So if you’re interested, if you got, you know, your senior people at a very different place for more junior people, the people driving it in a different place, think about that, as well, it can make a big difference as to how people are in your workshops. Okay, perhaps is a good idea. Now we’re about halfway through just to have a bit of a stretch, plan those in planning breaks, stretches, you know, if you want to stretch out, oh, look, my arm disappears. When I when I stretch out figures, I’m in a little square on the side here. But do stand up, move around. If you want to plan in breaks.
I can see Elizabeth moving. Yay. Thank you for modeling that. If I stand up, all you’ll see is my middle fingers. Actually, I’m in a square and I sort of disappear. Yeah, there we go. Right. Now the thing to think about planning is your process, what are what’s a step by step process that you’re going to go through the different activities. I’ve got a picture here from the book, which is actually for a workshop that was a training workshop. But you can use this on your project and program workshops as well.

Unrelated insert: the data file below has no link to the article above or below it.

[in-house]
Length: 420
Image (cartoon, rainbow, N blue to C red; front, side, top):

I draw a big arrow shows the start this one was from nine till four, I marked in lunch, you can see here and breaks as a break, which is hidden behind all the post it notes as well I put in trying to prepare this as an in person workshop. And just put out the different tools that I needed underneath down here. And then I’ve got various little little little bits of post it notes and things to mark the different activities that I’m running. And overall, I’ve got the girl The purpose of the whole whole day in the center of goal of this arrow at the end. And I can have this on one piece of paper, a four or a three. And it’s really helpful to be able to see it all in one go and to be able to tick things off as I do them. And I can see it happening.